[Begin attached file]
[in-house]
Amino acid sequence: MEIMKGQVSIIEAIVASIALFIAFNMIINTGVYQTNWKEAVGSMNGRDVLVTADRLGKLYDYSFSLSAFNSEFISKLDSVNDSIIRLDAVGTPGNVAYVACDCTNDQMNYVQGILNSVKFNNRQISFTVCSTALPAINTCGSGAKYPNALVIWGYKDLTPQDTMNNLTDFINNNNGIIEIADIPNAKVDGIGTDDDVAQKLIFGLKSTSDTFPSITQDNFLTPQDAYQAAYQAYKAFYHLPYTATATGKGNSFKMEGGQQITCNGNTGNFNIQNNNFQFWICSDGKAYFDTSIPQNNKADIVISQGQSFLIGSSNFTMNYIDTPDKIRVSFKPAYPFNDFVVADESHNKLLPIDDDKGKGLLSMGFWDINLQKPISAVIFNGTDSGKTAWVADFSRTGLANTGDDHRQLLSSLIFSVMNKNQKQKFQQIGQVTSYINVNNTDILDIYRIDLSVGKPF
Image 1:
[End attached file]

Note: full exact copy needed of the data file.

[in-house]
Amino acid sequence: MEIMKGQVSIIEAIVASIALFIAFNMIINTGVYQTNWKEAVGSMNGRDVLVTADRLGKLYDYSFSLSAFNSEFISKLDSVNDSIIRLDAVGTPGNVAYVACDCTNDQMNYVQGILNSVKFNNRQISFTVCSTALPAINTCGSGAKYPNALVIWGYKDLTPQDTMNNLTDFINNNNGIIEIADIPNAKVDGIGTDDDVAQKLIFGLKSTSDTFPSITQDNFLTPQDAYQAAYQAYKAFYHLPYTATATGKGNSFKMEGGQQITCNGNTGNFNIQNNNFQFWICSDGKAYFDTSIPQNNKADIVISQGQSFLIGSSNFTMNYIDTPDKIRVSFKPAYPFNDFVVADESHNKLLPIDDDKGKGLLSMGFWDINLQKPISAVIFNGTDSGKTAWVADFSRTGLANTGDDHRQLLSSLIFSVMNKNQKQKFQQIGQVTSYINVNNTDILDIYRIDLSVGKPF
Image 1: